Rotator cuff disease is a progressive, quality-of-life-diminishing problem that can cause chronic, debilitating pain, mobility limitations and in severe cases, complete loss of shoulder function in people affected by it. Modern advances in treatment show promise for patients not only in helping to halt the progression of rotator cuff disease, but also in aiding the regeneration of strong and healthy new tissue to reinforce the shoulder joint’s strength.
To adequately explain the extent and severity of rotator cuff disease, it is crucial first to give a bit of an anatomy overview. The rotator cuff involves a set of four tendons located in the shoulder joint. These tendons are responsible for making the shoulder joint stable, and they connect to four muscles that work in tandem to move the shoulder in a variety of directions.
The term rotator cuff disease refers to any damage to the rotator cuff, no matter the cause. It is a condition that often presents in athletes or anyone else who performs a lot of repetitive motion with the arms. Such activities can include weight-lifting, tennis, throwing sports like baseball, softball and football, swimming and any work that requires similar movements – especially in stockroom or warehouse workers as well as airport baggage handlers. Damage to the rotator cuff can also be the result of a traumatic injury like a hard fall or other blunt force trauma.
Like many other musculoskeletal concerns, the severity of rotator cuff injuries can range from mild strains to complete tears. Depending on how extensive the damage is, the person who is experiencing an injury to the rotator cuff can feel anything from mild discomfort to severe pain that results in the loss of shoulder joint function. Another consideration in rotator cuff injury is tendinosis. It means that the internal tendons of the rotator cuff are degenerating or breaking down – either from injury or overuse or a general decrease in the healing response of the tissue. Unfortunately, rotator cuff tendinosis can seem minor at first, but can eventually result in partial or full rotator cuff tears. Also, up to 80 percent of small tears over time tend to increase in size within two years of initial injury onset.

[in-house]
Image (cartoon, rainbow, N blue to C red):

The treatment of rotator cuff disease largely depends on the severity of the injury. Minor strains can often be treated conservatively with a regimen of ice, rest, over-the-counter anti-inflammatory medications and physical therapy. More extensive rotator cuff injury can necessitate surgery to repair it. A skilled surgeon can accomplish surgical repair of rotator cuff tears via a minimally invasive approach. Unfortunately, the post-surgical recovery is challenging and often takes 6 months to 1 year to completely heal, even in small tears.
However, there are promising regenerative medicine approaches that are now available to help address the some of these concerns. In patients with significant partial tears that are very painful, an implanted “patch” that is specially designed to stimulate your body’s cells to disrupt the progression of rotator cuff disease, promote healing and support growth of new and robust tendon-like tissue and be used. In fact, results from initial multi-center studies are encouraging and demonstrate clinical efficacy and safety for use. Early research also suggests excellent patient outcomes are possible with minimal rehabilitation and very little time in a sling.
As treatment advances for rotator cuff disease continue to show promise, it is essential for the public to remember that ignoring or “playing through” shoulder pain can set your body up for more extensive problems down the road. If you or someone you care about is suffering from shoulder pain that has gone undiagnosed, it is critical to see a health expert about it right away.